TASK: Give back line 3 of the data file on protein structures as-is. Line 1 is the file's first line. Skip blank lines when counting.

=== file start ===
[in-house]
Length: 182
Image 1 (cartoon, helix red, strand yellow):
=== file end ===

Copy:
Image 1 (cartoon, helix red, strand yellow):